The budget delivered some much-needed clarity on diesel taxation while providing vital extra support for electric and autonomous vehicles, says the British Vehicle Rental and Leasing Association (BVRLA).
On decision to temporarily increase the Company Car Tax Diesel Supplement to 4% for vehicles that don’t meet the Real Driving Emissions Step 2 standard, BVRLA chief executive Gerry Keaney said: “Having previously promised that it was only looking to change the tax treatment for new diesel cars, the Government has gone back on its word by retrospectively raising the company car tax bill of hundreds of thousands of workers.
“People that chose a diesel car as a cost-efficient, low CO2 form of essential business travel are being punished unfairly. Why should drivers at work be treated differently from other taxpayers?
“We are also disappointed that the Government has not given any further clarity on Company Car Tax rates beyond the 2020 tax year. This information is vital as BVRLA members work with their customers in putting drivers into the most affordable, safest low-emission vehicles.”
On the temporary introduction of a temporary increase in first-year vehicle excise duty for new diesel cars (for vehicles that don’t meet the Real Driving Emissions Step 2 standard), Keaney added: “This is a fair, well-signposted tax change that will encourage more drivers and fleets to look at alternative hybrid and petrol-powered new cars.
“Fleets across the UK will be breathing a sigh of relief that the Chancellor has not increased the tax burden on commercial vehicle operators. This is the fair thing to do as they have no realistic alternative to using a diesel van or truck.
“We welcome the Government’s review into the fuel duty treatment of alternative fuels and the announcement of a freeze of the fuel duty escalator for LPG.”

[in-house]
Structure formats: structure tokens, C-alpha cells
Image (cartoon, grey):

On the confirmation that NEDC-compatible CO2 figures would continue to be used in calculating Company Car Tax until April 2020, Keaney said: “We welcome this final confirmation that a new WLTP-based CO2 Company Car Tax regime will be introduced in 2020.
“Although we had pushed for the vehicle leasing industry to be given an extra year to prepare for these changes, we look forward to working with the Government in developing a tax revenue neutral approach for 2021 and beyond.”
On the announcement of further support for Electric Vehicles, Keaney concluded: “Although manufacturers are bringing an ever-expanding range of AFV’s to market, the infrastructure is not in place yet to make it a mainstream choice.
“We welcome the Government’s commitment to investing in charging infrastructure and continued incentives, which will facilitate the wider uptake and use of electric vehicles.
“The fleet industry also welcomes the clarity provided on the company car fuel benefit exemption for people charging at work.”